Halfway into a two-year, NBN-enabled telehealth trial, Feros Care CIO Glenn Payne says he is not looking forward to the day he has to go back to his elderly participants to uninstall the potentially lifesaving equipment.
In June next year, the not-for-profit aged care provider will have to end the trial while they wait for news on a permanently funded roll-out.
“This will be really sad for us,” Payne told iTnews.
The team will report its findings, including the estimated reduction that the $2.7 million telehealth trial has on the national healthcare burden, at the end of the experiment.
“At that stage we will need to look back over the data and hopefully we will be able to point to a clear time and money saving for hospitals and for doctors.
“We wouldn’t be doing this if we didn’t have hope that the government might stand something like this up as a viable solution in the future,” he said.
The system that Payne and his team have devised uses high-speed broadband to transmit high definition video between eldderly patients and their doctors, and he says it is already making an impact on the field of wound control, where hard-to-see changes in colour and appearance can be critical to an accurate diagnosis.
“The difference is 1080p high definition video,” he explained.
“With standard definition doctors would not be able to see well enough to know what looks terrible. All they would get is a pixelated mess.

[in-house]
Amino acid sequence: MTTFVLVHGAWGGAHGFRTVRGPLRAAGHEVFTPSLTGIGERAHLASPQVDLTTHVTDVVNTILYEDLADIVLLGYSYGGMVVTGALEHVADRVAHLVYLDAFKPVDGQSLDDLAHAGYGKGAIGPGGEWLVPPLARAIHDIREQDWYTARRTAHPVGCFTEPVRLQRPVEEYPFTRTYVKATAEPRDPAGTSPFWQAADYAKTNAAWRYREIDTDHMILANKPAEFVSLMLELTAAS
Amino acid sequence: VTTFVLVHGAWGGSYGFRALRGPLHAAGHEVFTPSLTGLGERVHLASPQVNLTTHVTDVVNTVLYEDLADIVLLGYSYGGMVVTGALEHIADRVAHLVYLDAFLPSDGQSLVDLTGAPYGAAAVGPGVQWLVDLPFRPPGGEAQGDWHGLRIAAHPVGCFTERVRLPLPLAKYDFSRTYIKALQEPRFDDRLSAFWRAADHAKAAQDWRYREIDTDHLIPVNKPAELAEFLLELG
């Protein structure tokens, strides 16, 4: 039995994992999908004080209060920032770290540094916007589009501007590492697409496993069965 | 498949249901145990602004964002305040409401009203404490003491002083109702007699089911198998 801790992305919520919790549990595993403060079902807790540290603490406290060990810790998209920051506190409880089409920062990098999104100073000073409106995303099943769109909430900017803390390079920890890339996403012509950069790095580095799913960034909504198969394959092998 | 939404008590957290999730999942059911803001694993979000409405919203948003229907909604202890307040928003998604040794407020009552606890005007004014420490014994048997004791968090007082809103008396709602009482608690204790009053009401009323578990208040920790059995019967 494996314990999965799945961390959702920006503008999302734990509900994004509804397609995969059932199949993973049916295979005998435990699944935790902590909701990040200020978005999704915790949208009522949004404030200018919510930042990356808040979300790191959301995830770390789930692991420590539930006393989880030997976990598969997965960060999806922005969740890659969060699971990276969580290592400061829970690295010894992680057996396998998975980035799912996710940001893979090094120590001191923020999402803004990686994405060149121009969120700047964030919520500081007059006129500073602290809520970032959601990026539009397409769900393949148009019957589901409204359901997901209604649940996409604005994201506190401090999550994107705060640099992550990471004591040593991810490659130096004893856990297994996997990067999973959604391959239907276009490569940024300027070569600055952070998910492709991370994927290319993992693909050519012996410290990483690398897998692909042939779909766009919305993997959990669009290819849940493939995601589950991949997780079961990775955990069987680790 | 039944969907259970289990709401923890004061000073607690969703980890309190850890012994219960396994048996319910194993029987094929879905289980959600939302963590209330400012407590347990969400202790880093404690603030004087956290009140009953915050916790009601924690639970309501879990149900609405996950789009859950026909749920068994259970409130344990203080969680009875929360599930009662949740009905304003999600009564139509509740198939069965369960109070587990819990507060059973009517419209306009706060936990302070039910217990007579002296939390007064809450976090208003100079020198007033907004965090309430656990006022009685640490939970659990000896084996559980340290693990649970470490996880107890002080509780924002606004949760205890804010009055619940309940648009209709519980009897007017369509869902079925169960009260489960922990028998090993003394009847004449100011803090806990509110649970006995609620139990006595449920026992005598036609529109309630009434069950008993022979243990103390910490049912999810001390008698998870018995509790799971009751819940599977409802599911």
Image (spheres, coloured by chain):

“Even in cases where patients have high blood pressure, high definition video can allow a nurse to spot a change in the patient’s complexion that indicates that they might not be doing as well as they were the day before,” he said.
Parts of Coffs Harbour received NBN connections earlier this year and it has since become home to more than one on-the-ground assessments of the impact of high-speed broadband.
The telehealth pilot focuses on patients over 65 with at least one chronic disease, and Payne says that 130 have already signed up with more than 150 more on the waiting list. The target is 200.
Participants have a network of Bluetooth enabled devices – from blood pressure casts, to weight scales and heart monitors – installed in their homes, which all send information to a tablet hooked up to the Feros Care monitoring hub in Coolangatta.
From there a dedicated telehealth nurse oversees the vital stats coming through from the Coffs Harbour patients and lines up video-linked consultations with a GP where the information suggests that they need one.
“An incredibly simple interface” had proven key to getting older users to feel comfortable with the high-tech suite, Payne said.
In a process he describes as “follow the bouncy ball”, the application installed on the devices reads out prompts that guide users through each step of the process, with extra large buttons to help those with vision impairment get started.
If anything goes wrong, a support team can be contacted by phone at all times to remotely access the device and troubleshoot problems.
Getting older patients to adopt cutting-edge technology "is not as hard as you think", he said.